The photograph on the top of the blog comes from, of course, Casablanca, which is one of my favourite movies. I have often thought what makes the movie great, besides the acting, is the fact that Rick is willing to sacrifice his true love Ilsa and put her and her husband on the plane to Lisbon. If it was a typical romance in which he meets her and rekindles the romance in the usual way, it would have been a nice wartime romance, but it is in the sacrifice, and a willing sacrifice that makes the movie as great as it is. He does admit:
Rick: If that plane leaves the ground and you're not with him, you'll regret it. Maybe not today, maybe not tomorrow, but soon and for the rest of your life.
Ilsa: But what about us?
Rick: We'll always have Paris. We didn't have it before...we'd...we'd lost it until you came to Casablanca. We got it back last night.
Ilsa: When I said I would never leave you...
Rick: And you never will. But I've got a job to do, too. Where I'm going, you can't follow. What I've got to do, you can't be any part of. Ilsa, I'm no good at being noble, but it doesn't take much to see that the problems of three little people don't amount to a hill of beans in this crazy world. Someday you'll understand that. Here's looking at you, kid

To be honest, it is he who lost Paris. Although likely it was simply buried under his bitterness and anger. This is why he never stuck his neck out, he realized sticking it out for anyone was dangerous.

Of course, Captain Renault, at the end of the movie recognizes a few things that were happening with Rick:
Renault: Well I was right you are a sentimentalist
Rick: Stay where you are. I don't know what you're talking about
Renault: What you did for Laszlo and that fairy tale you invented to send Ilsa away with him. I know a little about women my friend. She went but she knew you were lying.
Rick: Anyway, thanks for helping me out.
Renault: I suppose you know this isn't going to be pleasant for either of us, especially for you. I'll have to arrest you, of course.
Rick: As soon as the plane goes, Louis.

The healing, to answer Leonard's question, takes place when Rick realizes he gained more by sacrificing his self-interests and demonstrate his true love for Ilsa. The cause she and Victor Laszlo represent are greater then his feelings of love for Ilsa and so he steps aside and lets them both go to Lisbon and freedom.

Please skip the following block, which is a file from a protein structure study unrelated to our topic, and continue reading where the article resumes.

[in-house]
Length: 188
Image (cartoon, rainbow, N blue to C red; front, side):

So here's looking at you kid.

Friday, April 16, 2010

Matt Smith is the Doctor

This Saturday on both Space and BBCAmerica, the premier episode of the new season of Doctor Who will be shown. It is exciting for a number of reasons, first of all, there is a new producer. Russell T. Davies has stepped down. After bringing the Doctor back to television, he relinquishes control to Steven Moffat. The other change, and this is always a big one, there is a new Doctor. David Tennant has decided to step down from the role. To him all Who fans should give thanks, he has been a wonderful Doctor. If Christopher Eccleston is credited as bringing back the Doctor, in fact in past blogs I have called Eccleston one of the best Doctors of all time. In fact, the only thing that stops him from being the best is the fact he only had one season. If he could have stayed, well, if wishes were horses, right?

Still a word of thanks must go to David, he solidified the role and the show. If there were doubts at the re-launch, I would say those doubts are no longer around. I can't imagine anyone at the BBC saying: "you know, I think this whole Doctor Who was a bit of a mistake...". Such thinking does not exist.

Now we have a new Doctor and his name is Matt Smith. When I first saw him, I must admit, I was not at all sure, in fact my first thought was: "They've hired the lead singer of A Flock of Seagulls".